AIMS: Fluid overload (FO) puts aortic stenosis (AS) patients at risk for heart failure (HF) and death. However, conventional FO assessment, including rapid weight gain, peripheral oedema, or chest radiography, is inaccurate. Bioelectrical impedance spectroscopy (BIS) allows objective and reproducible FO quantification, particularly if clinically unapparent. It is used in dialysis patients to establish dry weight goals. BIS has not been tested for prognostication in AS. This study aimed to evaluate whether BIS adds prognostic information in stable patients undergoing transcatheter aortic valve replacement (TAVR).
METHODS AND RESULTS: Consecutive patients scheduled for TAVR underwent BIS in addition to echocardiographic, clinical, and laboratory assessment. On BIS, mild FO was defined as >1.0 L and severe as >3.0 L. Combined HF hospitalization and/or all-cause death was defined as primary endpoint. Three hundred forty-four patients (81.5 ± 7.2 years old, 47.4% female) were prospectively included. FO by BIS was associated with clinical congestion signs, higher serum markers of cardiac injury, poorer left ventricular function, higher pulmonary pressures, and more severe tricuspid regurgitation (all P < 0.05). Yet, clinical examination was unremarkable in >30% in mild FO, only detected by BIS. During 12.1 ± 5.5 months, 67 (19.5%) events were recorded (40 deaths, 15 HF hospitalizations, and 12 both). Quantitatively, every 1 L increase in FO was associated with a 24% (HR 1.24, 95% CI 1.13-1.35, P < 0.001) increase in event hazard. This association persisted after adjustment for STS/EuroSCORE-II, NT-proBNP, left ventricular ejection fraction, and renal function.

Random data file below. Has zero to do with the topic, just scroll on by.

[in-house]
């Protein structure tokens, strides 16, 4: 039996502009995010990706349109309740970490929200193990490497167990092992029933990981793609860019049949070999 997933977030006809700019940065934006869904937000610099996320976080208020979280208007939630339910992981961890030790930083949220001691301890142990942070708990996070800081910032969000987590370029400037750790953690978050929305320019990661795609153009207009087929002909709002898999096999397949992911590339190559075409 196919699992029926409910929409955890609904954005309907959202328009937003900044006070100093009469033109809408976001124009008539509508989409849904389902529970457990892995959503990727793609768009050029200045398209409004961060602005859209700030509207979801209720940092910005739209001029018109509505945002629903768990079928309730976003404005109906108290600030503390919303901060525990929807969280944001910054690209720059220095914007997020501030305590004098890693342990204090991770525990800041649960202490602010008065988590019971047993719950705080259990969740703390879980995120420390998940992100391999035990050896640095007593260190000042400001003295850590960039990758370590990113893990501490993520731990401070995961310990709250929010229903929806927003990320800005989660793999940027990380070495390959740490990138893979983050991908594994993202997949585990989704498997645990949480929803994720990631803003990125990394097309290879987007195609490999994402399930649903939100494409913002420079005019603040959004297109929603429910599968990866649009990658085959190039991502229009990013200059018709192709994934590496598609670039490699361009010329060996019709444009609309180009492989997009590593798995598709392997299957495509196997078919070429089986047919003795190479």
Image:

CONCLUSIONS: In patients undergoing TAVR, FO by BIS is strongly associated with adverse outcomes. BIS measurement conveys prognostic information not represented in any currently used AS/TAVR risk assessments.
- Aged, 80 and over
- Heart Failure
- Stroke Volume
- Transcatheter Aortic Valve Replacement
- Treatment Outcome
- Ventricular Function, Left
- Bioelectrical impedance
- Cardiac decompensation
- Volume status
ASJC Scopus subject areas
- Cardiology and Cardiovascular Medicine